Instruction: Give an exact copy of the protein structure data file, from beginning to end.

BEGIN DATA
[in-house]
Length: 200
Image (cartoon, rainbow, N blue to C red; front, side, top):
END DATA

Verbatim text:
[in-house]
Length: 200
Image (cartoon, rainbow, N blue to C red; front, side, top):